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Because of that, here I am

My mum was born in New Cross, London, during the Second World War. She no doubt played in the bombed out buildings that lined the inner city streets. Yet so nearly did she succumb to the daily air raids that forever altered London’s map. She was barely a year old when a V2 rocket blew up the house next door and forced my grandparents to flee. My granddad came back from work that day and saw the damage. He didn’t know where his family was and presumed them dead. Thankfully for me, my future mum was safe. My gran saw to that when she dived over her to protect her from the blast.

I often wonder how my Grandma must have felt at that moment. Was she thinking about the fiancée she had who was shot down in the battle of Britain four year previous? Was she thinking how Britain had found itself at war again, just thirty years after the war that would supposedly end all others? Maybe she questioned her Christian faith. After all, her entire life up to that point had been shaped by men killing other men. Her own father, for example, had died not long after she was born, returning from the Front in 1918 to be struck down by the flu that took the lives of millions of war-wearied bodies.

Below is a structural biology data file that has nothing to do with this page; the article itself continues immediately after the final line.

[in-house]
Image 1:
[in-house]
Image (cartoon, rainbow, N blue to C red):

My gran was then sent to a home, as her mother (my great grandmother) could not afford to look after all the children, now that she was the sole breadwinner. The strict Victorian discipline of that home shaped who she was and how she then interacted with her own children. And that in turn must have had some impact on me.

So let it never be said that World War One was just a big fight that occurred ninety years ago. It lives on in the descendants of all those who endured its horrors. It lives on in us. We are who we are because of what that war was.

3000 wasted lives

No more excuses